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Structural interactions and long run growth: An application of Experimental Design to Agent Based Models

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  • Tommaso Ciarli

Abstract

We propose an agent-based computational model defining the following dimensions of structural change - organisation of production, technology of production, and product on the supply side, and income distribution and consumption patterns on the demand side - at the microeconomic level. We define ten different parameters to account for these five dimensions of structural change. Building on existing results we use a full factorial experimental design (DOE) to analyse the size and significance of the effect these parameters on output growth. We identify the aspects of structural change that have the strongest impact. We study the direct and indirect effects of the factors of structural change, and focus on the role of the interactions among the different factors and different aspects of structural change. We find that some aspects of structural change - income distribution, changes to production technology and the emergence of new sectors, - play a major role on output growth, while others -consumption shares, preferences, and the quality of goods, - play a rather minor role. Second, these major factors can radically modify the growth of an economy even when all other aspects experience no structural change. Third, different aspects of structural change strongly interact: the effect of a factor that influences a particular aspect of structural change varies radically for different degrees of structural change in other aspects. These results on the different aspects of structural change provide a number of insights on why regions starting from a similar level of output and with initial small differences grow so differently through time.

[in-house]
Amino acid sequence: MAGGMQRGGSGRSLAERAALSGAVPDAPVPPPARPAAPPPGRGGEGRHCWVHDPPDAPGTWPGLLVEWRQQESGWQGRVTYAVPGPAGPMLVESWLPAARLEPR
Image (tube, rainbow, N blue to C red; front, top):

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Bibliographic Info

Paper provided by Philipps University Marburg, Department of Geography in its series Papers on Economics and Evolution with number 2012-06.

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Length: 38 pages
Date of creation: 22 Mar 2012
Date of revision:
Handle: RePEc:esi:evopap:2012-06

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Keywords: Structural change; long run growth; ABM; DOE;

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